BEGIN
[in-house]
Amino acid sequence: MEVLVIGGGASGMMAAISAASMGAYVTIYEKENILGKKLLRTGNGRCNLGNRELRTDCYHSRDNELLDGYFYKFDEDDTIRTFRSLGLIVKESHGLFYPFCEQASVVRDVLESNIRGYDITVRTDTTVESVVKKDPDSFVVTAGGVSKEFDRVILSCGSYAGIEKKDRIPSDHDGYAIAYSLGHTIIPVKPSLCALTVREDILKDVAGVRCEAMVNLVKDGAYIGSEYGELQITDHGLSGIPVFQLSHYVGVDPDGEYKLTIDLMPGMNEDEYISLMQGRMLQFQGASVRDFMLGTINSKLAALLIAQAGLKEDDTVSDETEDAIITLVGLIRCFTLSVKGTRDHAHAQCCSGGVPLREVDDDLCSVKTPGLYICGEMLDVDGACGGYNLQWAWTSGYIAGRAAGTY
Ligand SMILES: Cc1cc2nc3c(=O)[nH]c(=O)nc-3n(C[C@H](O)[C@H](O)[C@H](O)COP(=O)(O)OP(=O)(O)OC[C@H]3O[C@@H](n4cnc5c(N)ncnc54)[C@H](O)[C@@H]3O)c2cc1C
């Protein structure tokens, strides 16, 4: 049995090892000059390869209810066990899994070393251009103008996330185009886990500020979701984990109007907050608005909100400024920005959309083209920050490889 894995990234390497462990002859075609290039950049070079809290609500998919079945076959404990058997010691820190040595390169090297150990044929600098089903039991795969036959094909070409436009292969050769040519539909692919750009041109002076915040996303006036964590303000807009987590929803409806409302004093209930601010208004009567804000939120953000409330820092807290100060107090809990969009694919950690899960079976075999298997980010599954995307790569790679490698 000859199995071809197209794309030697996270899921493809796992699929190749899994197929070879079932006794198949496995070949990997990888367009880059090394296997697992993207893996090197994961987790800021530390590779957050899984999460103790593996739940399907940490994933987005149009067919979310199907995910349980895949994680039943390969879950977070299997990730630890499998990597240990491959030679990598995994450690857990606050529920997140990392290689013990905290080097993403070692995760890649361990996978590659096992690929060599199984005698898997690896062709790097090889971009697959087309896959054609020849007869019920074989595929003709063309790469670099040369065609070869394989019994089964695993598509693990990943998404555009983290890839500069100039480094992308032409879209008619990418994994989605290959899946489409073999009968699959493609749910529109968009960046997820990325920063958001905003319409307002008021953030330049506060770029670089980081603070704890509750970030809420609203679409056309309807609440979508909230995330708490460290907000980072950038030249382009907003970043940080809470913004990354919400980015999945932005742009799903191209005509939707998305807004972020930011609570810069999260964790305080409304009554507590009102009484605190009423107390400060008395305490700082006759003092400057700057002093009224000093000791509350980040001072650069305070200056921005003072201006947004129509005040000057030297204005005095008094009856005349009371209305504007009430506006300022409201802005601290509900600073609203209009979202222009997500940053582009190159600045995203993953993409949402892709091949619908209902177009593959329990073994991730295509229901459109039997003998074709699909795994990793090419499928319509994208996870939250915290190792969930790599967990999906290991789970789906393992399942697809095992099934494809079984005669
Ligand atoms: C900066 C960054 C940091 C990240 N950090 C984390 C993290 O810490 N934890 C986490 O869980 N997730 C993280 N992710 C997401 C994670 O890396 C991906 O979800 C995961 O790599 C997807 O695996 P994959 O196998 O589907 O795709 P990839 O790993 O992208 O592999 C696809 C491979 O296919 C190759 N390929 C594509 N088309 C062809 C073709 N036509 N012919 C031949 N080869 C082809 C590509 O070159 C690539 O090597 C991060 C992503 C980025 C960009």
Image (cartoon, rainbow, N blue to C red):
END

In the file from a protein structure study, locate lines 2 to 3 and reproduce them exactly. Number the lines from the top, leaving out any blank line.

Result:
Amino acid sequence: MEVLVIGGGASGMMAAISAASMGAYVTIYEKENILGKKLLRTGNGRCNLGNRELRTDCYHSRDNELLDGYFYKFDEDDTIRTFRSLGLIVKESHGLFYPFCEQASVVRDVLESNIRGYDITVRTDTTVESVVKKDPDSFVVTAGGVSKEFDRVILSCGSYAGIEKKDRIPSDHDGYAIAYSLGHTIIPVKPSLCALTVREDILKDVAGVRCEAMVNLVKDGAYIGSEYGELQITDHGLSGIPVFQLSHYVGVDPDGEYKLTIDLMPGMNEDEYISLMQGRMLQFQGASVRDFMLGTINSKLAALLIAQAGLKEDDTVSDETEDAIITLVGLIRCFTLSVKGTRDHAHAQCCSGGVPLREVDDDLCSVKTPGLYICGEMLDVDGACGGYNLQWAWTSGYIAGRAAGTY
Ligand SMILES: Cc1cc2nc3c(=O)[nH]c(=O)nc-3n(C[C@H](O)[C@H](O)[C@H](O)COP(=O)(O)OP(=O)(O)OC[C@H]3O[C@@H](n4cnc5c(N)ncnc54)[C@H](O)[C@@H]3O)c2cc1C